Guzman, 64, was sentenced to life behind bars in the United States for a drug conspiracy that spread murder and mayhem for more than two decades.

Guzman has lived in poor conditions in prison since his 2019 conviction, said Jose Refugio Rodriguez, a Mexican lawyer who claims to represent him. Rodríguez told local media that Guzman hasn't had adequate access to sunlight, visits, good food or medical care.

The Mexican Embassy in Washington said in its Twitter account that it had received an email from Rodriguez about the issue and had turned it over to Mexico's foreign relations department.

President Andres Manuel Lopez Obrador said "we will review it," adding: "You always have to keep the door open when it comes to human rights."

  photo  French investigators inspect the wreckage of a passenger plane at the crash site, in Pokhara, Nepal, Wednesday, Jan.18, 2023. Nepalese authorities are returning to families the bodies of plane crash victims and are sending the aircraft's data recorder to France for analysis as they try to determine what caused the country's deadliest air accident in 30 years. The flight plummeted into a gorge on Sunday while on approach to the newly opened Pokhara International Airport in the foothills of the Himalayas, killing all 72 aboard. (AP Photo/Yunish Gurung)
 
 
  photo  French investigators inspect the site of a plane crash, in Pokhara, Nepal, Wednesday, Jan. 18, 2023. Nepalese authorities are returning to families the bodies of plane crash victims and are sending the aircraft's data recorder to France for analysis as they try to determine what caused the country's deadliest air accident in 30 years. The flight plummeted into a gorge on Sunday while on approach to the newly opened Pokhara International Airport in the foothills of the Himalayas, killing all 72 aboard. (AP Photo/Yunish Gurung)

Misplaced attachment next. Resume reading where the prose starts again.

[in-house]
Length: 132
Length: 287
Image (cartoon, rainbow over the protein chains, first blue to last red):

photo  French investigators inspect the wreckage of a passenger plane at the crash site, in Pokhara, Nepal, Wednesday, Jan.18, 2023. Nepalese authorities are returning to families the bodies of plane crash victims and are sending the aircraft's data recorder to France for analysis as they try to determine what caused the country's deadliest air accident in 30 years. The flight plummeted into a gorge on Sunday while on approach to the newly opened Pokhara International Airport in the foothills of the Himalayas, killing all 72 aboard.(AP Photo/Yunish Gurung)
 
 
  photo  A French investigator takes a photo of the wreckage of a passenger plane at the crash site, in Pokhara, Nepal, Wednesday, Jan.18, 2023. Nepalese authorities are returning to families the bodies of plane crash victims and are sending the aircraft's data recorder to France for analysis as they try to determine what caused the country's deadliest air accident in 30 years. The flight plummeted into a gorge on Sunday while on approach to the newly opened Pokhara International Airport in the foothills of the Himalayas, killing all 72 aboard.(AP Photo/Yunish Gurung)
 
 
  photo  Relatives and friends of Indian national Sanjay Jaiswal, a plane crash victim, wait outside a hospital to receive the body, in Katmandu, Nepal, Wednesday, Jan.18, 2023. Nepalese authorities are returning to families the bodies of plane crash victims and are sending the aircraft's data recorder to France for analysis as they try to determine what caused the country's deadliest air accident in 30 years. The flight plummeted into a gorge on Sunday while on approach to the newly opened Pokhara International Airport in the foothills of the Himalayas, killing all 72 aboard. (AP Photo/Bikram Rai)
 
 
  photo  Buddhist monks pray for the plane crash victims, at the crash site, in Pokhara, Nepal, Wednesday, Jan.18, 2023. Nepalese authorities are returning to families the bodies of plane crash victims and are sending the aircraft's data recorder to France for analysis as they try to determine what caused the country's deadliest air accident in 30 years. The flight plummeted into a gorge on Sunday while on approach to the newly opened Pokhara International Airport in the foothills of the Himalayas, killing all 72 aboard.(AP Photo/Yunish Gurung)
 
 

Print Headline: Kin ask for Nepal crash victims’ bodies Court clears Fukushima plant executives Blinken: Iran rejected U.S. nuclear deal Mexico reviews ‘El Chapo’ plea to return